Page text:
This article provides a critical analysis of the view, dominant among courts and scholars, that the lower federal courts’ jurisdiction to adjudicate cases involving questions of federal law can be justified on the ground that federal judges are more likely than their state court counterparts to provide evenhanded, uniform, expert adjudication of federal law. It demonstrates that the bias-uniformity-expertise model—despite its prominence in judicial and academic discussions of federal jurisdiction—is significantly flawed in at least two senses. First, there are important ways in which the shape of our jurisdictional landscape cannot be squared with this account of the purposes federal question jurisdiction is designed to serve. Indeed, key fragments of the rules governing the federal courts’ authority to adjudicate federal question cases have explicitly been premised on rejection of each component of the conventional model of federal question jurisdiction. Second, there is reason to doubt the accuracy of the empirical claims that lie at the core of the conventional wisdom. That is, there is cause to question whether (1) federal judges are in fact more likely than their state court counterparts to vindicate federal claims, (2) the lower federal courts meaningfully advance the cause of uniformity in the interpretation of federal law, and (3) federal judges have meaningful expertise in the myriad areas of federal law that come before them.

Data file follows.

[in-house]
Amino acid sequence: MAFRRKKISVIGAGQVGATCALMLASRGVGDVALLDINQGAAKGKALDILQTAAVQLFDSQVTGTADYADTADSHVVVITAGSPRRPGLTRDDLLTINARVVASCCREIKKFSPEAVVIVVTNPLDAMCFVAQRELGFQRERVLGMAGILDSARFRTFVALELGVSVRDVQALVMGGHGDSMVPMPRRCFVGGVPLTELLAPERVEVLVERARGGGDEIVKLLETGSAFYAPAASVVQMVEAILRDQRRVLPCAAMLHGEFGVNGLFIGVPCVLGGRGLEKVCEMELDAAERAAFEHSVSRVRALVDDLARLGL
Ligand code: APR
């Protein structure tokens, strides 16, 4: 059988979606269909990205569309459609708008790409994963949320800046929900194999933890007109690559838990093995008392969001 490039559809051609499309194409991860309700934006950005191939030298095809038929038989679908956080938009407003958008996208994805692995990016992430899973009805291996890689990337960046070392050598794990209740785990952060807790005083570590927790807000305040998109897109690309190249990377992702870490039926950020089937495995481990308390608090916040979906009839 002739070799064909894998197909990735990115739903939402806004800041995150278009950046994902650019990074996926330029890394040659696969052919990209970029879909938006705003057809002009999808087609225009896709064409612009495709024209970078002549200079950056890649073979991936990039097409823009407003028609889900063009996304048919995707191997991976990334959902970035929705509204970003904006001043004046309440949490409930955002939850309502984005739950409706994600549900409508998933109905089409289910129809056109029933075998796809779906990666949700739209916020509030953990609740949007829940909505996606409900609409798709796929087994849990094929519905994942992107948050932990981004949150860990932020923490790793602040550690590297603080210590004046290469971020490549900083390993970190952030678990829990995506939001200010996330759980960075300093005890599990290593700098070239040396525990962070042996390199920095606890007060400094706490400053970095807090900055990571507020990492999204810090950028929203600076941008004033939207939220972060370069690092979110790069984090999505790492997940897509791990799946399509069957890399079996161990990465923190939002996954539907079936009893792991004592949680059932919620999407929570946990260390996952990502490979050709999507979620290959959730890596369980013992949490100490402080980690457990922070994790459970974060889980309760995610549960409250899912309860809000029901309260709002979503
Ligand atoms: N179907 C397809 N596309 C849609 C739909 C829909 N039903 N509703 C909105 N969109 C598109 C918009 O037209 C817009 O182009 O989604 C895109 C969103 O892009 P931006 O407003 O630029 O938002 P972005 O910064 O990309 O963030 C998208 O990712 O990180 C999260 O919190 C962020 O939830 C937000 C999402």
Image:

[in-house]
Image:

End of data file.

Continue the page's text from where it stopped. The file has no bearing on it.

I endeavor to replace the conventional story about how the state and federal judiciaries differ from one another with an account that better captures the realities of contemporary legal practice. I do this by presenting a model of the federal courts as a kind of franchising arrangement—a chain of dispute resolution forums with a set of basic characteristics held in common across branches, regardless of the location in which any particular branch sits. I argue, in particular, that federal court practice—in sharp contrast to practice in scattered state courts—is characterized by a high measure of procedural homogeneity, a standardized culture marked by a strong ethic of professionalism, and a bench that exhibits generally high levels of competence in the stuff of judge-craft. I argue, finally, that taking heed of the franchise-like qualities of the federal judiciary reveals the inherently political character of questions of jurisdictional allocation. And I suggest, accordingly, that the federal courts have only a limited role to play in policing congressional judgments as to which cases ought to be adjudicated in which forum.